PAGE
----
Kroger's Digital 3.0 Shift Boosts Its First-Quarter Earnings

Kroger posted a monster first quarter on both sides of the aisle Thursday (June 18) as consumers showed they will visit grocery stores with the right safety measures, but also that online grocery is no fad in the post-pandemic era.

The supermarket mega-chain showed a 19 percent jump over first-quarter 2019, with a total sales take of $42 billion. The more closely watched number was digital sales, which the company broke out as a 92 percent spike.

Kroger benefited from the pandemic-driven online grocery shift and the fact that supermarkets attracted most of consumers’ essential retail shopping during the pandemic’s lockdowns. But the chain also reaped dividends from investments in its digital and in-store operations, most notably its “Restock Kroger” program — which Kroger Chairman Rodney McMullen called out as a key factor in the company’s success.

“Restock Kroger” is the company’s initiative to improve shipping, distribution and the tie between its online and offline businesses. The company also detailed $830 million of investments in COVID-19 response activities, including medical testing and safety equipment for employees, bonuses and safety-based redesigns to its stores, which never closed during the pandemic due to their essential status.

But despite the positive results, CFO Gary Millerchip expressed concerns about the unknowns and wouldn’t confirm financial guidance for 2020’s balance.

“The COVID-19 pandemic has dramatically changed the outlook for food retail in 2020 and we continue to monitor, evaluate and adjust our plans to address the impact to our business,” Millerchip said in a statement. “There are still many unknown factors related to the long-term impact of COVID-19 that could influence our financial results for the remainder of 2020, such as continued investments to help our customers and associates, uncertainty surrounding consumer behavior, restrictions and what will be the new normal, and potential long-term shift in customers eating more food at home.”

But because it has invested both in-store and online, Kroger has been the beneficiary of major changes in consumer-shopping behavior that PYMNTS’ recent surveys of U.S. consumers have uncovered.

For example, our latest COVID-19 tracker, “The Great Reopening: Shifting Preferences,” identified four personas for consumers as they approach going back to physical stores. These include “social shifters” (those most likely to return to physical stores); “safety shifters” (more concerned about contracting the coronavirus than other consumers are); “convenience shifters” (choosing merchants based on a company’s digital offerings) and “office shifters (consumers who have shifted to working from home and want to go back to being outdoors and working in office environments).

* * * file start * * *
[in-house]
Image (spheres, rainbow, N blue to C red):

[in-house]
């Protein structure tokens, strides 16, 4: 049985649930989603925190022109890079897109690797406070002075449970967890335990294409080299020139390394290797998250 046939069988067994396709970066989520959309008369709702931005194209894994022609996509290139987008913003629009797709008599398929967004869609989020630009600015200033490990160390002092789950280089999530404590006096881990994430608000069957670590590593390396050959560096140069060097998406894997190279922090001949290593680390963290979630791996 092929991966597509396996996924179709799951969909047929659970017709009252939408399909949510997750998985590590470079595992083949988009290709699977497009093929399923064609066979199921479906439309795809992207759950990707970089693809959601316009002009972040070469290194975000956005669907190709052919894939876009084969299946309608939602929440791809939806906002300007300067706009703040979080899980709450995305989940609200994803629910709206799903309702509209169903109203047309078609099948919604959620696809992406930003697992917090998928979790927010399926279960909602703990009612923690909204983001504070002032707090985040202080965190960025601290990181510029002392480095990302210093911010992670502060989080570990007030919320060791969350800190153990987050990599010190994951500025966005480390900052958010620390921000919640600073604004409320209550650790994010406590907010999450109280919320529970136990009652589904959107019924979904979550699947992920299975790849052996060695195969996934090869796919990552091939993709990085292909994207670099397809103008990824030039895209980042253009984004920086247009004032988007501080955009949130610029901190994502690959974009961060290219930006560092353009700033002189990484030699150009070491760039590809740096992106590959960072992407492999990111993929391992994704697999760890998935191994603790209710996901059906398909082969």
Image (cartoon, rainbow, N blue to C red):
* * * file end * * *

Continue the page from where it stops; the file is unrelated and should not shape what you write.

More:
Consumers who have gone online to do their grocery shopping (social shifters) are the most likely to say they consider it crucial that merchants provide digital alternatives. Our survey shows 52.3 percent of safety shifters feel it’s “very” or “extremely important” for merchants to provide such options going forward, compared to 43.1 percent of social shifters and 42.9 percent of convenience shifters who agree. Office shifters are less likely to say merchants should provide digital-shopping options, with only 39.5 percent saying it’s “very” or “extremely important” that they do so.

Our recently posted How We Eat tracker also holds good news for Kroger. We found that the share of U.S. consumers who went online to shop for groceries increased nearly 400 percent from early March to late May, when 13.2 percent reported doing so.

A large share of these consumers cited potential exposure to the virus as the main reason to shop online (40.2 percent), while 36.3 percent pointed to greater convenience or speed. Those latter considerations might prove to be even more compelling as consumers begin to tire of large supermarket crowds, long lines and social-distancing rules.

Finally, our recent PYMNTS Commerce Connected report uncovered positive findings for companies like Kroger as well. We found several spikes in online-grocery usage, including a surge in the use of online ordering platforms, home-delivery services, mobile grocery-ordering applications and subscription services. Some 51 percent of shoppers told us they made online grocery orders in late March and early April, and 33 percent noted it was the first time they had done so.

Consumers have also turned their attention to mobile phones for home delivery, with aggregated-shopping application Instacart reporting that downloads rose 218 percent from Feb. 15 to March 15.

So, expect Kroger to continue to see the benefit of both consumers who are ready to return to stores — and from the shift to online grocery.



About: Accelerating The Real-Time Payments Demand Curve:What Banks Need To Know About What Consumers Want And Need, PYMNTS  examines consumers’ understanding of real-time payments and the methods they use for different types of payments. The report explores consumers’ interest in real-time payments and their willingness to switch to financial institutions that offer such capabilities.